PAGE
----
DTTI a 'vehicle' for closer bilateral security ties: US

The US on Thursday termed the Defence Trade and Technology Initiative (DTTI) as a "vehicle" for closer bilateral security ties and stressed on the need for India to sign three pending "foundational agreements".

PTI| Updated: Feb 26, 2015, 19:32 PM IST

New Delhi: The US on Thursday termed the Defence Trade and Technology Initiative (DTTI) as a "vehicle" for closer bilateral security ties and stressed on the need for India to sign three pending "foundational agreements".

Even as its stressed that the agreements - CISMOA, LSA and BECA - are not under the umbrella of DTTI, the US said not signing of these pacts by India "are going to be an issue" at some point as both the countries work on high-end technology.

"I don't think there is a strong connection between the two (DTTI and the pacts)... They are not really under the umbrella of the DTTI," senior Pentagon official Frank Kendall told a select group of reporters here.

The three agreements have been pending for over five years and the US has been pushing for bringing them into force. Of these, Communications Interoperability and Security Memorandum of Agreement (CISMOA) and Basic Exchange and Cooperation Agreement for Geospatial Cooperation (BECA) enhance the capacity of military equipment already bought from the US.

The third agreement, Logistics Support Agreement (LSA) would enable cashless supplies to each other's armed forces on credit.

Kendall, US Under Secretary of Defence for Acquisition, Technology and Logistics (AT&L) and the Pentagon's point person on India-related defence issues, particularly on DTTI, held talks with the Indian government earlier in the day.

Even as he maintained that the three pacts, which the US describes as "foundational agreements", are not linked to DTTI, Kenneth Handelman, Deputy Assistant Secretary (Defence Trade Controls) in the State Department said they were necessary in the longer run.

He underlined that DTTI is a vehicle for much broader security relationship.

"DTTI has progressed in the absence of the foundational agreements... But at some point the foundational agreements are going to be an issue whether its LSA or CISMOA," he said.

Speaking to a news agency later, Handelman explained why India not signing on the agreements will be an issue.

"I certainly support what Mr Kendall said. The foundational agreements don't directly relate to what is being done on the DTTI right now," he said, adding that DTTI is intended to be a vehicle or mechanism through which both of our governments can explore a closer security relationship.

He said that if all goes well and both countries expand this relationship, that would entail joint production and development of higher military technology, the agreements would be handy.

"It is just an emblematic of a more mature security relationship," he said. 

Asked if there was any timeframe for signing of CISMOA, Beth McCormick, Director, Defence Technology Security Administration of the US government, said there was no schedule as of now.

"We would just suggest that it is one of the very important agreements... The CISMOA would be a very important document for us to sign in the future."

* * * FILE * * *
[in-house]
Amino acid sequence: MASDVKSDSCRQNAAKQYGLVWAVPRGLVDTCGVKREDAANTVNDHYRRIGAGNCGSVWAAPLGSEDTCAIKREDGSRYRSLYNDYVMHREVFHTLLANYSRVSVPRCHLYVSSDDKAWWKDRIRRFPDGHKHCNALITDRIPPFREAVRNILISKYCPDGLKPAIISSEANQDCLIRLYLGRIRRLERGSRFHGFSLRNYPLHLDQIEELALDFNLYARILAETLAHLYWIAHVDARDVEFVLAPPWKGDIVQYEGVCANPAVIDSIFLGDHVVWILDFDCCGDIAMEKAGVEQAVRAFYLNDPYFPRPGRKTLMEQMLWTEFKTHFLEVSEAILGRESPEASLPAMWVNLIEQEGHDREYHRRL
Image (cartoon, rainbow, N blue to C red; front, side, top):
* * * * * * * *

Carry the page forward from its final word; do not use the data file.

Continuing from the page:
Meanwhile, sounding upbeat on DTTI, Kendall said he was not here as a salesman for US defence firms but as a supporter of a strong Indian military and a robust Indian defence industrial base.

He said the road to abundant partnership is not without its hurdles and that India and the US have had some "twists and turns" along the way.

"A clear eyed view of our past shows that Indian and American perceptions of international affairs have differed. Our national interests have not always overlapped. And, our domestic politics have not always promoted close defence cooperation," he said.

The senior Pentagon official said times have changed.

On the most important issues of today and tomorrow is that our interests increasingly overlap, he said, adding the political leadership of both countries see this opportunity and are committed to seizing the moment.

"Both our nations have bureaucracies that can be equal parts engines for change and impediments to progress. I am here again in India meeting with my counterparts to ensure our bureaucracies are responsive to the direction of our nations' leaders," he said.

Using the Hindi phrase "chalein saath saath", Kendall said the best way to enhance partnership is by building something together and sustaining cooperation over time.

"And through increased technology and trade cooperation, we can build great things together... Through senior level leadership and engagement, DTTI will help reduce bureaucratic obstacles, promotes collaborative technology exchange, and enables co-production and co-development of select defence systems," he said.

The Pentagon official underlined that DTTI isn't a treaty or a law.

"It is a flexible mechanism to ensure that senior leaders from our nations are persistently focused on the opportunities and challenges associated with growing our defence partnership in research, development and production," he said.

India and US have agreed on four "pathfinder projects" under DTTI.

These are next generation Raven Minis UAVs, roll on and roll off kits for C-130, mobile electric hybrid power source and Uniform Integrated Protection Ensemble Increment 2.

Both countries also agreed on a Working Group to explore aircraft carrier technology besides designing and development of jet engine technology.